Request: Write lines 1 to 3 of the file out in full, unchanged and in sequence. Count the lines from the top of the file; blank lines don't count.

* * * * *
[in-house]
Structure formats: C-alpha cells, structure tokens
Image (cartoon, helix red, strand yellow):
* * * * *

[in-house]
Structure formats: C-alpha cells, structure tokens
Image (cartoon, helix red, strand yellow):